Lisa Olsen Tait claims that Susa Young Gates is the most important Mormon woman that most have never heard of.
Susa grew up in a time when cultural gender roles were changing and women’s opportunities were expanding in exponential ways. Susa took advantage of these opportunities and was active in civic and religious spheres as a writer, editor, educator, and LDS Church leader. She also started both the Relief Society and Young Women’s magazines.
In the 1880s, she accompanied her husband Jacob on a mission to the Sandwich Islands. There she developed a deep and enduring friendship with Elder Joseph F. Smith.
It is perhaps because of her passion for genealogy work that the Prophet Joseph F. Smith shared with her a vision he had concerning the redemption of the dead. The doctrine was not new, but it was comforting to have it articulated in one place. Susa recorded the prophet’s dictation and the vision was first distributed in Church magazines.
Join Nick Galieti of LDS Perspectives Podcast as he discusses with women’s historian Lisa Olsen Tait the reception history of Doctrine and Covenants 138.
Last summer Russell Stevenson sat down with Rachel Steenblik and Caitlin Connolly, two women who have studied the concept of a divine feminine–or Heavenly Mother.
Rachel was the primary researcher on aBYU Studiesarticle that identified known references to a Heavenly Mother in the Mormon historical record. Caitlin was commission to paint Heavenly Mother by Deseret Book.
Though it is assumed that we have a Heavenly Mother, she is rarely mentionioned in LDS Church discourse, with a preference to referring to Heavenly Father or Heavenly Parents.
Steenblick notes that most members are aware of the reference to a Heavenly Mother by Eliza R. Snow in “O My Father.” However, her song was not the first reference. W. W. Phelps wrote two pieces–one a few months before the Prophet Joseph Smith’s death and one a few months after. And in the nineteenth-century Church, a Heavenly Mother was not unfrequently referenced.
Three prophets of the twentieth century, Spencer W. Kimball, Joseph Fielding Smith, and Harold B. Lee, stated that women were created in Heavenly Mother’s image.
Contemporary Old Testament scholars see the divine feminine, or a Heavenly Mother, in scripture, though it is difficult for the lay person to identify those references.
Both women feel discussions of a divine feminine are important because they help to answer the question for women: “Where do I belong in the eternities?”
RecentlyLDS Perspectives host Nick Galieti interviewed David Holland about his presentation at BYU, his further explorations on the seemingly paradoxical problem of pain, as well as the role pain and suffering play in the journey of the Christian disciple.
David reflects on counsel given to his father from Elder Neal A. Maxwell, prior to an address Holland’s father gave at BYU. The counsel was to be sensitive to the unseen problems that inform the varied histories of audience members, “There are scars that go unnoticed, but you must see them. You must tread with caution on the hallowed ground of another’s suffering.”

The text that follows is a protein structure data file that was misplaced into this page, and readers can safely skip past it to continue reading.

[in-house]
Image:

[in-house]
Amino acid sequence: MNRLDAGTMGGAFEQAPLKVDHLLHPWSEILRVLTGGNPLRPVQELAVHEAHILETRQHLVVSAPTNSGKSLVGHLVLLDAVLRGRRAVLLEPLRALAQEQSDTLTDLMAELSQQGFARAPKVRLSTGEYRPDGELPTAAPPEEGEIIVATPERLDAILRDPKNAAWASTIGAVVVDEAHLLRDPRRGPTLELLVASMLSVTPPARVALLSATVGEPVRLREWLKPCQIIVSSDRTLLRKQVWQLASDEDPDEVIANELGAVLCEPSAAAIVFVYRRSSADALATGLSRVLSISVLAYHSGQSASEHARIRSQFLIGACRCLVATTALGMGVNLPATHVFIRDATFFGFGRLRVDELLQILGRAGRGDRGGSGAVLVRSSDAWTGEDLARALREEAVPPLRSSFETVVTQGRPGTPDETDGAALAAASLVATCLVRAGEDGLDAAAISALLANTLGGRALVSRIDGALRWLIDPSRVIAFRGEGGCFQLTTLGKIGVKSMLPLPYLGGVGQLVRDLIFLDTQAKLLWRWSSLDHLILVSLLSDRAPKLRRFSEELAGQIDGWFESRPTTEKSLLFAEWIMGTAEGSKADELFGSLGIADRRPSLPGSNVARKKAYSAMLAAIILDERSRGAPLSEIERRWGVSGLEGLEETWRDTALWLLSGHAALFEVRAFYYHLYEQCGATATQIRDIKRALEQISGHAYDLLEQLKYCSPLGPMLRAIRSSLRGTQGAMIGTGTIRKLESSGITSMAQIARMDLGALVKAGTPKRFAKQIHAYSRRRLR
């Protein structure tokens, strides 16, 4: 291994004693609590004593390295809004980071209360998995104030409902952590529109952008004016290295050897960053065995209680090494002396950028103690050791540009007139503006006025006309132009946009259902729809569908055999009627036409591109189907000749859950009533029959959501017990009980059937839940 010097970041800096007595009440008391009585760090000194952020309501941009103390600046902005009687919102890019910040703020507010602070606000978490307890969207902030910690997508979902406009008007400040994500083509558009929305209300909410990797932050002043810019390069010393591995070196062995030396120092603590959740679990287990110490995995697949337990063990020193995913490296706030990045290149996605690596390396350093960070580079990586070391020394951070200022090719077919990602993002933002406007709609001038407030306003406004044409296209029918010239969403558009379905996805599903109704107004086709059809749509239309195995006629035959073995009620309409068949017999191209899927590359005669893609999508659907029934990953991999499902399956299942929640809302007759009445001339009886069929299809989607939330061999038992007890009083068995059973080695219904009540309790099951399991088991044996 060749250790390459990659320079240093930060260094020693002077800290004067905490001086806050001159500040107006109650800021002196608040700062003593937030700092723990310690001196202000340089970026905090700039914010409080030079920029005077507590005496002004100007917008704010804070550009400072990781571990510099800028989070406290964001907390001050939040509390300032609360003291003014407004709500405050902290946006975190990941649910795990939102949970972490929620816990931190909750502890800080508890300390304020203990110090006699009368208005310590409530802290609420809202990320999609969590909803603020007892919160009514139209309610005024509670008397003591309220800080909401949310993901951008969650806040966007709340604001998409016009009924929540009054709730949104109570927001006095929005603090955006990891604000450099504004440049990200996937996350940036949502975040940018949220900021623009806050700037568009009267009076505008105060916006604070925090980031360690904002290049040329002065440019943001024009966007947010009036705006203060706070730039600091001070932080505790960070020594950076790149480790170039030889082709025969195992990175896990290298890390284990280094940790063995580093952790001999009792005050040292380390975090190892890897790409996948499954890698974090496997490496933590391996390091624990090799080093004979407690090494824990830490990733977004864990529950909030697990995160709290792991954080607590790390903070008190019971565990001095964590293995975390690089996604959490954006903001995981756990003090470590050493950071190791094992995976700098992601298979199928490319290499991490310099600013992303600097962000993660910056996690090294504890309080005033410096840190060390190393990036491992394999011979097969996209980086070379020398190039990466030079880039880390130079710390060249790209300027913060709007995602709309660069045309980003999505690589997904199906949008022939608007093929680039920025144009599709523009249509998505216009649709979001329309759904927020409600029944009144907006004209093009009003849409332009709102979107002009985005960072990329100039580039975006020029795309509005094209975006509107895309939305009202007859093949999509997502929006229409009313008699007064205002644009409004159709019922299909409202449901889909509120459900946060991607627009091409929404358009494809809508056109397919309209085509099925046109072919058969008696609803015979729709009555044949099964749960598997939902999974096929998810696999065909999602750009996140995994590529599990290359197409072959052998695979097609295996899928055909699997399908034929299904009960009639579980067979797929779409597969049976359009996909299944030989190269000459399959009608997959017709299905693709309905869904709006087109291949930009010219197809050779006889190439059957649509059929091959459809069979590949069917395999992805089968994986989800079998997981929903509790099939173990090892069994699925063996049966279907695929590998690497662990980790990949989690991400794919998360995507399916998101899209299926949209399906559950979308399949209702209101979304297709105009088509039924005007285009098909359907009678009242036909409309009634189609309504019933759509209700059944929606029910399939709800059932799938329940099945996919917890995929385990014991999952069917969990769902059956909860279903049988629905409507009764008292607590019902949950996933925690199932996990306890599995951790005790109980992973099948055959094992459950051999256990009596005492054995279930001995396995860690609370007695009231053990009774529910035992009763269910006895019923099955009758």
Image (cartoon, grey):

Holland shared that two members of his New England area stake committed suicide within a week of each other. It is in this backdrop that David spoke in simultaneous roles as an admittedly amateur-philosopher and historian-scholar.
He reviewed a history of the role of pain and suffering in early American religious settings, as well as proposed answers to the questions many still carry about the relationship of pain to our mortal experiences. Answers for which the restored gospel of Latter-day Saint theology meets in rich and profound ways.
Holland elaborates on how historically religions saw pain and suffering as the voice of God declaring his displeasure with their actions. Others felt discord with the concept of a deity that only spoke when displeased.
The people of early America, when faced with this paradox of “a choice in which God could either be cruel or mute, they increasingly chose the silence.” Thus a mute God, and a rigidly closed cannon became part of how many religious Americans viewed life and religious practice.
Many today view God, or their concept of God, as the answer to pain and suffering. If there is no reprieve from pain, then there must be no God. With so many today feeling the pains of depression and other mental health issues, Holland postulates that “[Mental illness] is the next great frontier of our ministry [as Latter-day Saints].”
Growing up, Leta Greene never thought she would grow up to be a beauty consultant and motivational speaker. But she has overcome the scars of emotional and physical abuse and feelings of awkwardness and ugliness, excelling at life by choosing happiness.
Leta has developed a system of changing the way women perceive themselves through daily validation or “vanity prayers.” She has learned that nobody can give from an empty well. One of the most important things we need to nurture is our relationship with ourselves.
Through her experiences, she speaks to setting healthy boundaries to protect against emotional and physical abuse and listening to our inner compasses in our interactions. She advocates only allowing into our spheres of influence those we love, trust, and who take responsibility.
The way women perceive themselves is often the biggest “glass ceiling” they need to break in order to excel and achieve their dreams. Leta gives us some tools to begin thinking in new ways.